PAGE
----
How to install MySQL server on Ubuntu

MySQL with disk background

MySQL is one of the most popular Open Source Relational DataBase Management System, RDBMS for short. MySQL is widely spread across the world, it is employed in enterprise environments as well as small hobbyist sites. Surprisingly, it is dead-simple to set it up and start using it on Ubuntu, let’s see how.

Requirements (before you start)

Important
I take absolutely NO responsibility of what you do with your machine; use this tutorial as a guide and remember you can possibly cause data loss if you touch things carelessly.

Databases workloads are among the most demanding ones. But that’s not true when you have a handful of small databases, and you do not perform many queries (operations). As a matter of fact you can install and get MySQL working on even the smallest 1GB RAM cloud instances without any issues.

Although mechanical hard drives have been used for databases for a long time, having a Solid State Drive holding your database will significantly improve your database performance.

You will need a running instance of Ubuntu to follow this tutorial, if you’re going to use MySQL server as a stable database (for a long time) I suggest you use a LTS version of Ubuntu such as Xenial Xerus or Bionic Beaver.

If everything is in order, let’s start.

Installing

MySQL has been available by default in Ubuntu repositories for a while so it’s quite easy to install, fire up your terminal and follow the steps:

Ubuntu > 16.04Ubuntu <= 16.04
You won’t be asked to set up a root password, the default one will be blank. That is very insecure! To set one up go to Securing MySQL.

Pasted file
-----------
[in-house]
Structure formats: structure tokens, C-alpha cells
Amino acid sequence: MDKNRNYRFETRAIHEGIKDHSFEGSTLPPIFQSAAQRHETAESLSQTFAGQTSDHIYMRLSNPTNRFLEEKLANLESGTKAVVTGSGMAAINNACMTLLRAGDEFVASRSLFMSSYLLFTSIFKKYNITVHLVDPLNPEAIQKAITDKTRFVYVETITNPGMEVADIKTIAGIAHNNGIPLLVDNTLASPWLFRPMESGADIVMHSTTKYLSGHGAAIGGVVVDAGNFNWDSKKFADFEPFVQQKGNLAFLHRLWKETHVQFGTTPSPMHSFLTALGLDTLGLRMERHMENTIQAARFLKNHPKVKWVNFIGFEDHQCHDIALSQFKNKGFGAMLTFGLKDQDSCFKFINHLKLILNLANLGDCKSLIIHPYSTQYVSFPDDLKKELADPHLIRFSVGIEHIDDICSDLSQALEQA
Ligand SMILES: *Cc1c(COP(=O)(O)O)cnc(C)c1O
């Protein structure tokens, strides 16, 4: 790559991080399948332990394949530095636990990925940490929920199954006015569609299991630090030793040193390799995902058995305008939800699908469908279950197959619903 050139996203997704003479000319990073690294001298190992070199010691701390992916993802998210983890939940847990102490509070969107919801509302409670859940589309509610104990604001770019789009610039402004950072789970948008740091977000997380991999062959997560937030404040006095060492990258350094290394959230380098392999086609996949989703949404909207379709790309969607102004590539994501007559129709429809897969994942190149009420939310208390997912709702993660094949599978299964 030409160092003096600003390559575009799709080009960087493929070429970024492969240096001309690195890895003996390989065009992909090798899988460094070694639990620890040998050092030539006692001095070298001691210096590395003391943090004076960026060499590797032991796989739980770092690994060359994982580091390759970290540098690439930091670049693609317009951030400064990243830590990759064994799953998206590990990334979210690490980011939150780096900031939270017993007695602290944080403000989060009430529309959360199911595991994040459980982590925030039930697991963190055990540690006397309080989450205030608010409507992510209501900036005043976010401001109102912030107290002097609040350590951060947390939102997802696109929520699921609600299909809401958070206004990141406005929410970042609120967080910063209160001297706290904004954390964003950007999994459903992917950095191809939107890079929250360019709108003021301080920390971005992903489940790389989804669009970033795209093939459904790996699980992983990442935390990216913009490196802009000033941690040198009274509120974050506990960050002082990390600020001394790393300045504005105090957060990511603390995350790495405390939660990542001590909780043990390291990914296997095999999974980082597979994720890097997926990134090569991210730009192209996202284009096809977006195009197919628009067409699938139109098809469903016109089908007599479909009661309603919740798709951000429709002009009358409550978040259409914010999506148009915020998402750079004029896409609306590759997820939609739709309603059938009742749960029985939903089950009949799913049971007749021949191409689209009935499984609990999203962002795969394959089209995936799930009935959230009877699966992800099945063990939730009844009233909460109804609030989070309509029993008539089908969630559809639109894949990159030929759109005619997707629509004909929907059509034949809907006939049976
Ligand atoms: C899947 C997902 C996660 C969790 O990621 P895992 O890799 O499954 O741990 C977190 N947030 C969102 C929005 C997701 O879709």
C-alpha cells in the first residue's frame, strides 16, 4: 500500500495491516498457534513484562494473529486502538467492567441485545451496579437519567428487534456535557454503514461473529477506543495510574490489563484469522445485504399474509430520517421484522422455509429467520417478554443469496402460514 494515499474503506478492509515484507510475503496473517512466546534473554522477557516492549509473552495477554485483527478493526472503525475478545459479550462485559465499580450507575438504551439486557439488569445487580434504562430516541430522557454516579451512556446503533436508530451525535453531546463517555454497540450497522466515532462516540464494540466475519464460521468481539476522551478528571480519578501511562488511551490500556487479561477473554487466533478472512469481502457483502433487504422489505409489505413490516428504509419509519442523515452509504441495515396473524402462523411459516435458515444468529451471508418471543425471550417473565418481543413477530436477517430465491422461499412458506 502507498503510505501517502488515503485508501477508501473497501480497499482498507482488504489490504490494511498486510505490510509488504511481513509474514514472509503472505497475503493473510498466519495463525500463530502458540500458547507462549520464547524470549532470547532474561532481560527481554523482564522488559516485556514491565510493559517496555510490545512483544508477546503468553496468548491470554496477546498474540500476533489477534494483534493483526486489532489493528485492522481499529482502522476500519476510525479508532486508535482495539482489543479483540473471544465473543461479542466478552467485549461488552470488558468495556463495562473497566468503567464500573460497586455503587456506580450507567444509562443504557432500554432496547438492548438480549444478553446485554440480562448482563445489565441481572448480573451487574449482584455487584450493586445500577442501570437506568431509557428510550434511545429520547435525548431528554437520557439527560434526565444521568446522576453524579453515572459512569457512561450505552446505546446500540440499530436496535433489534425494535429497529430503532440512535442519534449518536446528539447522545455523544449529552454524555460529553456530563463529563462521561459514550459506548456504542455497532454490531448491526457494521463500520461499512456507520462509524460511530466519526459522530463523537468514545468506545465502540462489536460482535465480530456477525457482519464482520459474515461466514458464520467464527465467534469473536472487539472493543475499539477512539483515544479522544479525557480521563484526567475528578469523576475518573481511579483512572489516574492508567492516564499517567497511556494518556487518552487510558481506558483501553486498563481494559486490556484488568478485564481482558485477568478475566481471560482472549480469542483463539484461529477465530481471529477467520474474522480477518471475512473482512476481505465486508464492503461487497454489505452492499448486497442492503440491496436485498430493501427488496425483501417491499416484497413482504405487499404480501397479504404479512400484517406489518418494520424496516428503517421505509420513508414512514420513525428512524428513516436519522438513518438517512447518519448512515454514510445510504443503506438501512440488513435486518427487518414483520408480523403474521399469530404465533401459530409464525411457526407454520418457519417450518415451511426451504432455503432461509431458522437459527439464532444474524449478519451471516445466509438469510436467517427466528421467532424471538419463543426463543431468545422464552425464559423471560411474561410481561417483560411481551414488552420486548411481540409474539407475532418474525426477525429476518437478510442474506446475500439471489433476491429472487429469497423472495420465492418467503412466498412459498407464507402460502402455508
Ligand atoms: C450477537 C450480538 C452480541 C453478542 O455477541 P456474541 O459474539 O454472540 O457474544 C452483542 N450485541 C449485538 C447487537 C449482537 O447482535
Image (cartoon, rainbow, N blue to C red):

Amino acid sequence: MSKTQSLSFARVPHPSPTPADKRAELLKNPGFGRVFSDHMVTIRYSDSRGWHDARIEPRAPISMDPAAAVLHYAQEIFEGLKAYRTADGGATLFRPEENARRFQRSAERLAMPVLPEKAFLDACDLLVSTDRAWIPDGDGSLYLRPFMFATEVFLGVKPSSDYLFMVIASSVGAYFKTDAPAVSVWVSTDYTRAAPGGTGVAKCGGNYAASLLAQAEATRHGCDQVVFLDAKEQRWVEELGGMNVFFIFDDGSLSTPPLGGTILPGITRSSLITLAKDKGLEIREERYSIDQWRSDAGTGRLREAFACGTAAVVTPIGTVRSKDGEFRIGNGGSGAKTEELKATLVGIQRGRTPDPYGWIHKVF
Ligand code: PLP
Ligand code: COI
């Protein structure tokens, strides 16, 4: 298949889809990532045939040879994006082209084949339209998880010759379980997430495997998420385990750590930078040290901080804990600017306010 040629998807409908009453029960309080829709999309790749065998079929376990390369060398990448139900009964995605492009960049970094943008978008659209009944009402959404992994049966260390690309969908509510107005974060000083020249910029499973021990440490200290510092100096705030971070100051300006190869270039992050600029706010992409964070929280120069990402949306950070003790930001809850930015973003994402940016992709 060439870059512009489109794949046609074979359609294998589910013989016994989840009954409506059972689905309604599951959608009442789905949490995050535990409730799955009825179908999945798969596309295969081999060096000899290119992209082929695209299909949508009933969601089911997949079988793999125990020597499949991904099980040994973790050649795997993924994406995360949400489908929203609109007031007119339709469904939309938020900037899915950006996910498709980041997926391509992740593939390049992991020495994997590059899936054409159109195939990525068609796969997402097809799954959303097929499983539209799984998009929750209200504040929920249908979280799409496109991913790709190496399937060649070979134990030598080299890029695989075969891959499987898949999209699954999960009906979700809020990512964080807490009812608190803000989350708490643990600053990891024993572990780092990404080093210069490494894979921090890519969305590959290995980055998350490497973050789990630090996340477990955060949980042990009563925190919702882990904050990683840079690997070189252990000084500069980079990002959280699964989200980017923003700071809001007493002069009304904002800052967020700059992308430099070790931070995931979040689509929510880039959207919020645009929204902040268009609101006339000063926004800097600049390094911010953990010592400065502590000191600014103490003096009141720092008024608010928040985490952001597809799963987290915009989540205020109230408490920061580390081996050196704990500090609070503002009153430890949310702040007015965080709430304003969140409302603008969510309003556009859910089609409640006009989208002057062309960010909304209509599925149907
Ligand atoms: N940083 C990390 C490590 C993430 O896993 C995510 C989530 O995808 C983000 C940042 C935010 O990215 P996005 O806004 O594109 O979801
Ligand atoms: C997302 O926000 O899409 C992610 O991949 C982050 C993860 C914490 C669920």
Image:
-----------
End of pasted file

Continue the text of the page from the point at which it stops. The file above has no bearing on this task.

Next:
During the installation you will be asked to set up a root password, pick a strong one.

That’s pretty much it, your database management system is already up and running, you can learn how to manage it, secure it as well as common operations in the following paragraphs.

Managing MySQL

Starting MySQL

Ubuntu > 16.04Ubuntu <= 16.04

Stopping MySQL

Ubuntu >= 16.04Ubuntu < 16.04

Starting MySQL at boot

Ubuntu > 16.04Ubuntu <= 16.04

The service is enabled by default.

Securing MySQL

Ubuntu (any version)
Please notice the output in the command is heavily edited, but it will ask you the same questions. In this way you can set up your root password and secure your MySQL instance.

Accessing MySQL shell

Ubuntu (any version)
Change USER according to the user name of the database user. The prompt will ask for a password.

You can get a list of commands by issuing:

You can exit using the exit command:

Common operations

Create a Database

MySQL Shell

Drop a Database (delete)

MySQL Shell

Create a User

MySQL Shell

Change the command according to your needs.

Drop a User (delete)

MySQL Shell

Granting privileges

MySQL Shell
Of course you may not want to grant ALL PRIVILEGES to a particular user, instead you may want to let the user create a table, or insert data. You can replace ALL PRIVILEGES with the desired list of privileges, you can find a complete list here. After any privilege modification you should always reload privileges to make sure they are enforced immediately.

Revoking privileges

MySQL Shell
You can replace ALL with the desired list of privileges you want to revoke, you can find a complete list here. After any privilege modification you should always reload privileges to make sure they are enforced immediately.

Reloading privileges

After any privilege modification you should always reload the privileges to make sure they are enforced immediately.

MySQL Shell
Image courtesy of mark | marksei

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The IT guy with a little boredom look in his eyes, fond of computers since forever he now works as a freelancer in the IT and shares his experiences through this blog.

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